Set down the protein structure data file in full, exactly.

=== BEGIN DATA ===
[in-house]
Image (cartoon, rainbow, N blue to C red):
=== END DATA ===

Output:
[in-house]
Image (cartoon, rainbow, N blue to C red):